As you can see, the cost of the project is both huge and not yet fully funded. CityCenter and some large condominium projects are paying the price of the intrinsically risky mix of long lead-times and business cycles; coming on-line during a downturn means a diminished revenue stream.


We start with some views of the Strip as we love/tolerate/hate it now. Some of the honky-tonk of the 1970 period the Venturis wrote about remains. Changes since then include the construction of huge casinos-cum-hotels-cum-shopping malls designed around various themes ranging from Venice to King Arthur.

Yup, we're on the Vegas Strip all right.

Seems to be a Harley kind of place, that Strip.

For kids, there's the M&M store.

And the Coca-Cola store.

The Fashion Show mall is on the Strip. Inside, it's conventional, but the part facing the Strip isn't. (The foreground is part of the Wynn complex.)

More style clutter. That familiar-looking campanile is part of the Venetian.

Another themed complex is the Paris with its half-scale Eiffel Tower.

This view of the Strip was taken from the grounds of the Mirage.

Let's turn to CityCenter as it was Thanksgiving week. Note especially how large the building are as well as their architectural characteristics.

This is a hotel-condo structure as seen from the Bellagio, to the north of CityCenter. It will shade the Bellagio's swimming pool area part of the day; perhaps not a bad thing in Las Vegas' summer.

The view from the pool area of the Monte Carlo, south of CityCenter.

Two "twisted" buildings with surface patterns that alternate every three floors. Seen from the Monte Carlo.

A view from across the Strip.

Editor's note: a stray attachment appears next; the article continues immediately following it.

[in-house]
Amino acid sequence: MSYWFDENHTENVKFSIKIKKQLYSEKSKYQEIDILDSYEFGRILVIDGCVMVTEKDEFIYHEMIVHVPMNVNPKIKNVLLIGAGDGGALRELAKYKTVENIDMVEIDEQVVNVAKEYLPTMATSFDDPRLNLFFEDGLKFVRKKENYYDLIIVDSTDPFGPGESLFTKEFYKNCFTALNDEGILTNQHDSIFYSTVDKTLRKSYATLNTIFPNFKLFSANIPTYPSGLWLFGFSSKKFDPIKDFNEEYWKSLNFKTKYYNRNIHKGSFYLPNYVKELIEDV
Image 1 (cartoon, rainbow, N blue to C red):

Looking towards the south from a bit farther north. In the center are the twisted buildings. The building immediately to the left of CityCenter is the New York New York casino/hotel.

Here, I assume, is where the fancy shops will be located.

Finally, my most flattering photo of CityCenter.

CityCenter is supposed to open around a year from now. If I'm back in Vegas Thanksgiving week, I'll miss the event; this means it might be a couple of years before I can offer my impressions of the finished complex. At present, I still think the buildings are too large, too Modernistic and therefore too far removed from the character of Las Vegas, a place where people go with the intention of having "fun" of whatever sort. Perhaps the structures nearest the street will have lots of jazz and pizazz, leaving the big buildings as backdrop. To my way of thinking, that's the only way CityCenter can be salvaged architecturally and in terms of urbanism.

Oh, and the Harrah's casino sculpted gal at the top of this post. She's cross-eyed, isn't she? I wonder why (though I have some hypotheses).



posted by Donald at December 2, 2008


Looks like the CityCenter is the only half-decent professionally thought-out set of buildings in that joke of a city.
Thanks for the update.

Posted by: Tatyana on December 2, 2008 12:05 PM

Love that motorcycle bursting through the front of the Harley-Davidson Cafe.

I'm not looking for good taste in Vegas. Isn't Vegas all about raunchy, carny sideshow?

Vegas has become Disney with a sex life. The sex life is decidedly trashy. I like that.

The cross-eyed girl looks like a hilarious take on a Hindu goddess. Could also be a member of the cast of a Dark Brothers porno film.

It's amazing that the trashy, sex saturated "fun" that Vegas offers has become mainstream. Not where I would have expected us to go back in say... 1965.